Regardless of Finch's protests, Corrina Lawson at the GeekDad web site was mightily unimpressed. Her December 2014 article, entitled "DC Doesn't Want A Feminist Wonder Woman," is a diatribe of disgust at the Finches' first effort. She writes, "Wonder Woman [is] the product of a murderous, male-hating society now, her mother's been killed off, and an evil female witch from that society commits human sacrifice to drive Diana away for daring to care about men." Sounds like a giant step backwards, doesn't it?
Gray says that due to mishandling of Wonder Woman's character over the years, there are better examples of feminists in comics. "Compare Wonder Woman to Lois Lane. When Lois Lane was introduced, she actually had more of a role in fighting and combating the bad guys than Wonder Woman! I remember watching the Superman cartoon when I was young. [Lane] would jump on a train or grab a machine gun and start shooting. She was more like Agent Carter, who now has her own show." (Agent Carter is a spinoff from Marvel's Captain America: The First Avenger movie.)
When it comes to representing strong, independent females, DC's biggest competitor, Marvel Comics, is winning the game. "I'm more excited about Captain Marvel than Woner Woman at this point," says Gray. "Marvel [and writer Kelly Sue Deconnick], has taken Carol Danvers and made her an awe-inspiring beacon of hope for all females in the comics industry. She's led The Avengers. Wonder Woman has never led the Justice League. She's never risen to that level. We even have young men and boys coming into Bedrock city looking for the Captain Marvel comics. People are watching with a great deal of interest and that says a lot about how Marvel is handling Captain Marvel better than DC is handling Wonder Woman."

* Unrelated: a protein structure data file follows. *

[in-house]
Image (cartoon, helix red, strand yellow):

Another strong female is Princess Leia from the Star Wars movies. Gray says, "There's this scene in The Empire Strikes Back where Leia is surrounded by stormtoopers. She escapes for half a second to tell Han and Luke they're walking into a trap. She spends most of her time doing what needs to be done, even at the risk of her own skin."
It's difficult finding comics with good female role models for girls. Gray recommends a book called Princeless for nine- to 12-year-olds. "In the universe depicted, princes are trained and groomed to save princesses. One decides to save herself. She teams up with the daughter of a dwarf blacksmith and her dragon becomes her mighty steed. She has seven sisters and has to go and save them. Some don't want to be saved. It's a great book for parents of girls to know about."
What about mainstream comics for girls? "Marvel and DC don't make anything for that age group, other than Gotham Academy, which I think is going to end up being canceled." says Gray. "It's a shame, because girls and their parents come in looking for Batgirl books all the time."
Gray's lecture is scheduled for 3 p.m. March 3 at the University of Houston - Clear Lake's Bayou Building Garden Room at 2700 Bay Area Boulevard. Free.